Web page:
The left hemidiaphragm would appear to be more often affected than the right side due to the protective effect of the liver [1, 3–5]. Petrone et al.  reported a traumatic diaphragmatic hernia rate of 75% on the left versus only 25% on the right side. However, an increase of incidence on the right side is reported due to an improvement in imaging techniques. The relative flexibility of the suspensory ligament of the liver in the child offers less protection to the right side . But many authors believe that the incidence of right diaphragmatic traumatic ruptures is underestimated. Thus, autopsy series demonstrated that there was an equal incidence between right and left lesions, leading some authors to wonder whether the left diaphragmatic hernias were more frequent or simply easier to diagnose [1, 5]. Indeed, a right traumatic diaphragmatic rupture can remain unnoticed for weeks or even years .
Diaphragmatic ruptures were classified by Grimes in 1974, in 3 stages according to the presentation time: acute, which are diagnosed at the time of injury; delayed, presenting after an interval of time since the original injury; and chronic, presenting only with symptoms of visceral incarceration due to the associated herniation of abdominal contents into the thorax [3, 7, 8]. In our case, the rupture of the right diaphragmatic dome probably occurred concomitantly with the accident, but the hernia was initially taken for an isolated hemothorax.
Clinically, in the acute phase, the symptomatology is thoracoabdominal with lumbar or epigastric pain, decreased vesicular murmur in the right pulmonary base, dyspnea, right hemothorax, right shoulder pain, and, more rarely, at auscultation, a thoracic peristalsis [3, 7]. When the defect is small and there is no additional major organ injury, the diagnosis is often missed, and the patient may present respiratory symptoms or intestinal obstruction in the following days [3, 7].
X-ray and CT scan are most commonly used techniques for diaphragmatic rupture diagnosis [3, 4]. The chest radiography can be an important tool for life-threatening injuries identification (hemo- or pneumothorax) or diaphragm injuries in the evaluation of trauma patients [2, 4]. The chest X-ray could be normal or show marked elevation of one hemidiaphragm, especially on the right side [4, 5], thus giving low sensitivity to this examination. Helical CT scan has better sensitivity to diagnose right diaphragmatic rupture, by showing discontinuity of the hemidiaphragm, the dependent viscera sign, the collar sign, and intrathoracic herniation of abdominal contents [7, 8]. Ultrasound, magnetic resonance imaging, and upper gastrointestinal contrast study could be also useful [1, 6].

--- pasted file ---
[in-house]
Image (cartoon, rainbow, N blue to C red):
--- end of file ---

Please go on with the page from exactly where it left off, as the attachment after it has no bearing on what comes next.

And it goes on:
Surgical treatment may be realized either through laparotomy or thoracotomy or video-assisted approach [1, 3]. Its objective is the reduction of the hernial content, pleural drainage, and repair of the defect . Laparotomy is more appropriate in unstable patients when associated intra-abdominal injuries are suspected [2, 3, 6]. Thoracotomy is necessary to handle late diaphragmatic hernia and isolated lesions of the right diaphragm and in case of expected chest injury [2, 3]. The repair of the small diaphragmatic defect is usually done with nonabsorbable suture material and rarely with slowly absorbable stitches [3, 7]. Prosthetic mesh is required in large defect to provide tension-free repair .
Right diaphragmatic rupture is a rare condition especially in children. The diagnosis is difficult and often delayed. The management is surgical. Prognosis is related to associated injuries. The possibility of a diaphragmatic rupture should be kept in mind and sought after any trauma of the thoracoabdominal junction as the diagnosis can be challenging in emergency department.
Written informed consent was obtained from the patient’s legal guardian(s).
Conflicts of Interest
The authors have no conflicts of interest.
A. A. Beigi, H. Masoudpour, S. Sehhat, and E. F. Khademi, “Prognostic factors and outcome of traumatic diaphragmatic rupture,” Turkish Journal of Trauma & Emergency Surgery, vol. 16, no. 3, pp. 215–219, 2010.View at: Google Scholar
O. Ndour, N. A. Ndoye, A. F. Fall, M. Chakroun, P. A. Mbaye, H. Mustapha et al., “Hernie diaphragmatique droite traumatique chez l’enfant: difficultés diagnostiques,” Revue Africaine de Chirurgie et Spécialités, vol. 5, no. 3, 438 pages, 2011.View at: Google Scholar
A. Ouazzani, E. Guérin, J. Dryjski, N. Cuylits, J. C. Lefebvre, and P. Vaneukem, “Ruptures diaphragmatiques droites aiguës et latentes après traumatismes fermés : observations cliniques et revue de la littérature,” Revue Médicale de Bruxelles, vol. 29, no. 2, pp. 107–112, 2008.View at: Google Scholar